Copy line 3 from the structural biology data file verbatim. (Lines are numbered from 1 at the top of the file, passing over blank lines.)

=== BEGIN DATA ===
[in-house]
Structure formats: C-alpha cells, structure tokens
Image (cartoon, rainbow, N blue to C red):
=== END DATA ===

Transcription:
Image (cartoon, rainbow, N blue to C red):